Again, Kelly said, it was about "getting your middle-of-the-pack guy to play above his mean, because those (elite) guys cancel out."
For an example that Notre Dame and Ohio State fans can understand, "maybe Ronnie Stanley and Joey Bosa play to a tie" in the Fiesta Bowl, Kelly said, referring to his current star offensive tackle and OSU's star defensive end, both of whom are projected to go high in the 2016 NFL draft if they opt to leave. "Maybe they don't, but you hope maybe that's the case from our perspective. Then those other guys have got to step up across the board."
At Central and at Bowling Green, it was about making do with the resources on hand, and as Meyer pointed out, that wasn't just in terms of the players. He recalled helping to push up the platform for his videographer to stand on to record practice sessions. But that was only after he found a videographer.
"We had no video coordinator," he said. "The video coordinator was a student who would come by from campus, and I'm not kidding you, he would stand like this and video practice."
Meyer posed as if he were holding a small camera up to his right eye without even the steadying influence of a tripod, in stark contrast to the army of videographers who record present-day OSU practices.
"So we obviously got some things changed there," Meyer said.
Another major challenge was not only the indoctrination of young assistant coaches but holding on to them, Kelly said.
"I think probably consistency in messaging, and staff development -- picking the right staff, surrounding yourself with the right (assistants) that shared a similar vision for what you wanted to accomplish," Kelly said. "In the Mid-American Conference, where you're dealing with such a transient -- you're turning over coaches all the time, you have to bring in guys who share a similar philosophy.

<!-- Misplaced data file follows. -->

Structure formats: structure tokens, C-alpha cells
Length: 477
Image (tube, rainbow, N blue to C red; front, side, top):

"And then you have to make sure they're in it for why you're in it, developing players. So that shared philosophy was probably the thing I learned in the Mid-American Conference that I carry with me here. Now we're in a better position where we can retain (assistants), but the shared philosophy still has to be at the center of what we do as a staff."
Kelly went on to Cincinnati, replacing Michigan State-bound Mark Dantonio, in 2007, and he left for the Notre Dame job in December 2009 after leading the Bearcats to a 12-0 regular season. Otherwise he and Meyer, then at Florida, would have clashed in the Sugar Bowl that season. Meyer ended his six-year, two-national-championships run at Florida in 2010, took a hiatus for health reasons and then returned to his home state to coach the Buckeyes, who have won 49 games, including the 2014 national title, in his first four years.
But it was that brisk two-year swim in the MAC that launched his head-coaching career, and he still recommends such a move.
"I think everybody -- almost everybody -- should go coach in that conference," Meyer said.
This article was written by Tim May from The Columbus Dispatch and was legally licensed through the NewsCred publisher network.